Dismiss Notice
Join Physics Forums Today!
The friendliest, high quality science and math community on the planet! Everyone who loves science is here!

Homework Help: Two trains headed toward each other

  1. Jun 9, 2008 #1
    The problem statement, all variables and given/known data

    As two trains move along a track, their conductors suddenly notice that they are headed toward each other. Figure 2-27
    http://edugen.wiley.com/edugen/courses/crs1650/art/qb/qu/c02/pict_2_27.gif

    gives their velocities v as functions of time t as the conductors slow the trains. The figure's vertical scaling is set by vs = 43.0 m/s. The slowing processes begin when the trains are 204 m apart. What is their separation when both trains have stopped?

    The attempt at a solution

    I tried this problem and got it wrong. I was able to come up with d = 107.5 m for Train 1 but I think I am missing something when I try to calculate d for Train 2.

    The part of this question that confuses me the most if when it says "The figure's vertical scaling is set by vs = 43.0 m/s." I think I don't really understand how to read the graph correctly.

    Help is appreciated
     
    Last edited: Jun 9, 2008
  2. jcsd
  3. Jun 9, 2008 #2

    Kurdt

    User Avatar
    Staff Emeritus
    Science Advisor
    Gold Member

    Ok well, if 4 blocks up the side is 43m/s then what are three blocks going to represent for the velocity?
     
  4. Jun 9, 2008 #3

    Doc Al

    User Avatar

    Staff: Mentor

    You found the distance traveled by Train 1 before it stops. Do the same thing for Train 2.
    I take that to mean that V_s = 43 m/s--which means that 4 vertical boxes = 43 m/s. So what's the initial velocity of Train 2?
     
  5. Jun 9, 2008 #4
    Well then is this right?


    if velocity equals -33 m/s then....

    Train 2

    Data:
    v = -33 m/s
    v2 = 0 m/s
    t = 4s
    a = ?
    ...then I used this equation....
    v2 = v + a2t
    a2 = (v2 - v) / t

    = (0m/s - (-33 m/s)) / 4s

    a = 8.25 m/s^2

    v2^2 = v^2 + 2ad
    d = (v2^2 - v^2) / 2a

    = ((0m/s)2 - (-33 m/s)2) / (2(8.25m/s^2)

    = -66m <--distance traveled by train 2
     
  6. Jun 9, 2008 #5

    Kurdt

    User Avatar
    Staff Emeritus
    Science Advisor
    Gold Member

    It doesn't equal - 33m/s exactly. There are a couple of easier ways to calculate the distance traveled. Firstly one can calculate the area under the curve to the x-axis, or you can use the average speed formula which amounts to the same thing. There's nothing wrong with the method you've used, just a bit long.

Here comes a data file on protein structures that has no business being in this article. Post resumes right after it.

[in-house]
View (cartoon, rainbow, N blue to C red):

7. Jun 9, 2008 #6
    I don't quite get what you are saying by I can use the average speed formula? Isn't that formula S(avg)=(total distance traveled)/(time elapsed)? How does that relate?
     
  8. Jun 9, 2008 #7

    Kurdt

    User Avatar
    Staff Emeritus
    Science Advisor
    Gold Member

    No you're right, ignore that its a load of rubbish I was thinking of something else. Any way my main point was 33m/s is not quite the right velocity.
     
  9. Jun 9, 2008 #8
    Ok so if 33 m/s isn't quite right how much is it off by and how else would I do this? I tried getting to the final answer using 33 m/s and my final answer was wrong so I am assuming that 33 m/s is off enough to cause me to get the problem incorrect.
     
  10. Jun 9, 2008 #9

    Kurdt

    User Avatar
    Staff Emeritus
    Science Advisor
    Gold Member

    What have you done to get 33m/s as the speed? Remember that 4 divisions on the y-axis is equivalent to 43m/s. What does that make 1 division equivalent to? So what velocity does 3 divisions correspond to?
     
  11. Jun 9, 2008 #10
    Oh man......now i think i got it! 32.25 m/s ?
     
  12. Jun 9, 2008 #11

    Kurdt

    User Avatar
    Staff Emeritus
    Science Advisor
    Gold Member

    Sounds good.
     
  13. Jun 9, 2008 #12
    If the answer is 32 m

    try using areas method as mentioned before..


    edit: seems like you are doing something else wrong too.. because there isn't much different between 33 and 32.5 (or maybe ...)
     
Share this great discussion with others via Reddit, Google+, Twitter, or Facebook